Metanoia

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Chapter Seven

Approaching the house from the ground up was excruciatingly exhausting. My eyes fixed on Amalia. It was to be expected as she was considerably younger than the rest of the sentinels. Her aura was dominating, her head held high and her back straight.

The professor and Amalia seemed to have history, since their silence spoke more than words. Bartholomew and Rahil were caught up in some discussion regarding bridges between worlds. Bartholomew seemed to be leading in the discussion, while Rahil was oddly silent. Bartholomew still wearing his ceremonial robe seemed to me to be a much more traditionalistic man. His speech was quite calm and calculated, in contrast to Rahil who was all over the place with his aggressive speech pattern.

Amalia was starting to catch up with the professor, but his focus seemed to be strictly concentrated on the escalated road that lay in front of him. He was clearly forcing distance between him and the rest of the group.

“How’s the library?”

Amalia finally caught up to him, but the professor kept on walking in silence ignoring her.

“You know you don’t have to-“

“Why don’t we play this game which I truly adore? It is called ‘who can stay silent the longest.’ I’m quite good at it.” The professor turned to her and arrogantly uttered.

“My intentions were pure, with no foul intent.” -Amalia pouted.

“I frankly don’t care.” The professor forcibly smiled, his smile quickly fading as he continued to walk up the mountain.

“So, you are just going to be an arse the entire time?” Amalia raised her voice.

“Well, if minding my own business counts as being an arse, then yes. I’m going to stay an arse for the entire time of your uninvited stay”.

“I am still shocked that you have an apprentice, even an imaginary one.” Amalia sarcastically uttered.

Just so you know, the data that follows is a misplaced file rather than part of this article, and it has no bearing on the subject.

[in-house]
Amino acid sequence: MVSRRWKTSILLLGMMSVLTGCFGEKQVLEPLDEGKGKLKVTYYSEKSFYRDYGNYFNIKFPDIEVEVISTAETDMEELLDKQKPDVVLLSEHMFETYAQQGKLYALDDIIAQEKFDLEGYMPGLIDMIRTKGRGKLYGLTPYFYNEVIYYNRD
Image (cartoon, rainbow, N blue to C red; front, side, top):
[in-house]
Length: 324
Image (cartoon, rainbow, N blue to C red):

“Have you hunters ever kept silent?” The professor stopped and turned to Amalia.

“Have you alchemists ever heard of the act of keeping yourselves clean and pleasant to look at?” Amalia countered.

“Now, that’s just a poor generalist viewpoint.”

As the professor and Amalia argued, Bartholomew abruptly stopped and stared at the ground.

“I sense turbulence.“ He uttered, but no one listened. “Amalia.” He called out. “Amalia!”

“What!” Amalia turned toward Bartholomew.

“What do you hear?”Amalia stopped and turned her ear to the sky, her gaze relaxing from her angered state.

“Lung.” they both uttered in unison.

Seconds later a long and scaly dragon appeared from the sky nearly colliding with our group. It seemed energy based, with luminescent stripes pulsating in a light blue hue. With its monstrous claws it grabbed onto the side of the mountain above us, gazing down as we ran up the rock in sheer terror.

I was utterly frightened by its gargantuan size and ghastly appearance. My body felt numb, as we ran up the rugged mountain, zigzagging between the trees and the rocks. The horrid dragon was perpetually charging at us, shooting from its mouth streaks of energy, knocking me down twice in the process.

We were close to the house which was situated on top of the mountain, our chance of escape slim.

Bartholomew turned to face the dragon and began to move giant rocks in its path. His confrontation was for the most part in vain, as the lung had incinerated everything that was hurled in its way.

As we approached the house the dragon leaped into the air, once more striking us with streaks of energy, this time hitting the house.

The professor shouted out in anger as his long black coat flapped from the waves of the impact. He wrathfully turned to the lung, striking it with lightning, causing but little damage.